Serbia: Violent police crackdown against COVID-19 lockdown protesters must stop

Following footage showing a widspread violent crackdown against protesters in Serbia’s capital Belgrade and other major towns across the country, which left dozens of people injured, Amnesty International’s Balkans Researcher Jelena Sesar said: 

“Images of Serbian police firing tear gas and stun grenades indiscriminately into the crowd, and of protesters and bystanders being charged by mounted police and beaten by police in riot gear, raise serious concerns.

Heavy-handed measures of the kind we have seen infringe the rights of those protesting peacefully and will only increase tension and provoke hostility, leading to an escalation of the situation
Jelena Sesar, Amnesty International

“While the authorities have the responsibility to ensure public order and to respond to individual violent incidents, the disproportionate use of force against entire demonstrations is not justified. Heavy-handed measures of the kind we have seen over the past two days infringe the rights of those protesting peacefully and will only increase tension and provoke hostility, leading to an escalation of the situation.

“Serbian authorities must exercise restraint in further protests and the government must guarantee the safety and security of those who take the streets and ensure that people can exercise their right to demonstrate peacefully and without fear of reprisals.

Serbian authorities must exercise restraint in further protests and the government must guarantee the safety and security of those who take the streets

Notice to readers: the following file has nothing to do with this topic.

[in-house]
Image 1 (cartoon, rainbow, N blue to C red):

Jelena Sesar, Amnesty International

“What is of additional concern are credible reports of police use of facial recognition cameras in Belgrade to identify protestors. Amnesty International opposes use of facial recognition technology for mass surveillance, such as at protests and demonstrations. The new technology is still largely unregulated and tends to disproportionately target specific groups of people, it can have a chilling effect on the right to protest.”

 

BACKGROUND

Thousands of people took to the streets of the Serbian capital Belgrade and other major towns across the country to protest against the government’s decision to re-impose weekend curfew following a new spike of COVID-19 infections. People protested over the government’s handling of the crisis, including the decision by President Vucic to lift original restrictions ahead of national elections on 21 June, which his party won overwhelmingly. 

On the first night of protests on Tuesday, a group of protesters tried to forcefully enter Parliament, prompting the use of tear gas and clashes which lasted into the morning. Dozens of protesters, including some bystanders and several accredited journalists, were injured in the violence.